Learn to stand in the saddle to relieve you seat pain. Try to get half a minute or better time out of the saddle every five minutes or so.
You should be able to go until you need to stop for a bathroom break. Some of us have regularly gone 25 or 30 miles before the need gets to urgent. With carefull planning the full 60 could be done with out a stop.
Converting your time (just linearly) to a regular marathon race (42.195 km), you would have done that distance in 2 hours 14 minutes 44 seconds. At http://www.unicon14.dk/gb you can find the results lists for the last world championships, including the marathon. There you get some feel for what other folks achieve. Basically your time is not bad, but not very competitive either.
For racing any distance (except very short ones), you should push so much that you cross the finish line exhausted, but not dead. So if weren’t tired, you should have pushed more. This is quite obvious to me, so maybe I misunderstood the question.
I’ve raced a marathon, and done non-race distances up to 80 km. I try to stay hydrated but not drink more than that. So I usually don’t need a peeing stop. For eating and drinking: what Sander said. Don’t stop for it. As to saddle pain, numbness etc: it very much depends on the rider and their tolerance for discomfort. But also on the type of seat and its adjustment. In addition, with training I found I could take longer between breaks. For races up to marathon distance I don’t need a stop anymore, but I used to. Bungeejoe’s suggestion to stand on the pedals is good, although I think his suggested frequency and duration are more than you would need. When standing you can’t maintain full speed, and it is more tiring on the legs. So restrict it to what you really need. All this is for racing, if you’re doing a tour you should be much more relaxed about taking breaks etc.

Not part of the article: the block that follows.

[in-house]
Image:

I assume you were on a (non-geared) 36"? What crank length were you running? Usually going one notch shorter in cranks (e.g. from 140 to 125 mm) gets you some more speed, but it depends on the hilliness of the course. Also, you need some time to get used to shorter cranks, the higher speed may not materialise at once. But since the race is still five weeks, you have time enough.